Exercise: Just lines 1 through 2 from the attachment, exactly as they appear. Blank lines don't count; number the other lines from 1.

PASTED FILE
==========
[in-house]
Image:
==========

[in-house]
Image: